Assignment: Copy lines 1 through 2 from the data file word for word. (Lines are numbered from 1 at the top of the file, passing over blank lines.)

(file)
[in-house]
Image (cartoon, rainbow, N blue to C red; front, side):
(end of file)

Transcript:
[in-house]
Image (cartoon, rainbow, N blue to C red; front, side):